Vuolo v. Garfield County Sheriffs et al

Filing 40

REPORT AND RECOMMENDATIONS re 8 MOTION to Dismiss for Lack of Jurisdiction by Defendants Glenwood Springs Police Department, Terry Wilson and 10 MOTION to Dismiss by Defendants Garfield County Sheriffs, Lou Vallario be GRANTED and that Defendants Glenwood Springs Police Department, Garfield County Sheriffs Department, Police Chief Terry Wilson and Sheriff Lou Vallario be DISMISSED in their entirety. By Magistrate Judge Kathleen M. Tafoya on 10/1/09. (kmtcd)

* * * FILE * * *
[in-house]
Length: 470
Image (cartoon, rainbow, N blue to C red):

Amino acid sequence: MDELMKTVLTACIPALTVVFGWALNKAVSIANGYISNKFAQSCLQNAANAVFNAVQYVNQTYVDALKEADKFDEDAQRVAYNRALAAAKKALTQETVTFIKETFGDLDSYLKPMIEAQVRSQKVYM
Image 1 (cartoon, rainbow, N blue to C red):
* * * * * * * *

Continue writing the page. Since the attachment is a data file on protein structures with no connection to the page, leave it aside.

Download PDF